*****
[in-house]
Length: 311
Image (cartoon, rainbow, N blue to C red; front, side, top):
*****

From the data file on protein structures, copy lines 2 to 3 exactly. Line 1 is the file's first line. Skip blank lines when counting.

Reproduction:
Length: 311
Image (cartoon, rainbow, N blue to C red; front, side, top):